Next interview is done with Xavier Hallade by Aygul Zagidullina. Thank you very much Aygul for the interviews :)
Tell us a little bit about your average Android development day or your work day :)
Xavier: It’s complicated to imagine an average day, as my work varies a lot depending on the projects I’m involved in.On a day-to-day basis, I’m root causing bugs, helping fixing these, trying new SDKs and platform features, maintaining apps, consulting for other teams, helping on partner’s projects, advocating developer needs internally, working on articles/presentations/trainings, porting libraries and frameworks… Starting from 5pm, I usually also have meetings with my manager and my colleagues who are mostly based in the US, to sync on various projects and other Intel-owned events planning. Then, I’m regularly travelling to deliver technical presentations, trainings and hackathons.Sometimes I’m happily going for longer coding streaks, potentially for more than a full day. In that case I’m fully focused on it, putting as much as possible unrelated projects and meetings aside.
What would you say are the ingredients for a successful app?
Xavier: There are tons of ingredients for a successful app, and sometime even if you have them, it’s not enough. All the recent apps success stories weren’t about huge apps or services with a billion of features. They all started small, providing one restricted feature, but doing it really well. Additional features only came later, to retain users and keep them happy (for example), once the product was already a success. In general, users are more willing to give 1-star ratings to an app if its core feature isn’t working for them than if it’s just missing some extra-features that would only interest a bunch of them. It’s important to spend time on improving your application (not extending it first) and making it really enjoyable: have a solid implementation, good performance, and a polished UX centered on your core functionality.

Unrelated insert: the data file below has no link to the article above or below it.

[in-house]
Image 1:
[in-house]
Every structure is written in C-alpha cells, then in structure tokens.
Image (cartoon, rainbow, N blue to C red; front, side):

What your talk at ADD this year will be about?
Xavier: This year I’ll be talking about the Android Native Development Kit (NDK), from top to bottom. The NDK is the toolset that allows the compilation of native code (C/C++…) to be reused by Android applications, and in my view every Android developer should have at least a basic knowledge of it.
Your talk at ADD will cover Android NDK and how to use it together with libraries. Now, why would somebody want or need to dive deep into learning about this?
Xavier: There are many good reasons to use the NDK: sharing code across platforms, using a rock-solid C/C++ library that has been maintained for years, going further on performance for specific workloads… And even if you don’t think that you directly need it, it’s important to have a better knowledge of the NDK: When you look at the top applications, more than half of them are actually relying on components made using the NDK. You can use “Native Libs Monitor”, an app that I’ve developed, in order to look at the native (C/C++) libraries used in the Android applications you’ve installed on your device. When dealing with native libraries, developers need to take some extra care, and I’ve seen many doing big mistakes that could easily have been avoided if they had a basic knowledge of the NDK.
You’re part of the Developer Relations team at Intel. What are you most proud of about your work as a Developer Evangelist since you started working there?
Xavier: When I joined the team in early-2012, the only Android devices on the market that had an Intel CPU were Google TVs, and Google TV OS was a quite stripped down version of Android. The first devices came out on the market mid-2012, and for some time I was able to remember all the models, specifications and references of the Android devices that where using an Intel CPU, from the Orange San Diego to the Samsung Galaxy Tab 3 10.1. The number of devices really got up last year, and now there are more than two hundreds of them, including the recent Google Nexus Player or the Nokia n1, and there are even more to come. Of course this has been the result of the work of many, including people who did more than me, but I’m proud of having played a role in this.
What are you most looking forward to at ADD? Xavier: Events such as ADD are always awesome as they rally a really diverse crowd, from beginners to experts, with different backgrounds and skillsets, united by their interest for creating better applications and services. So I’m really looking forward to meeting other developers and speakers and having interesting -sometimes even mind-opening- discussions.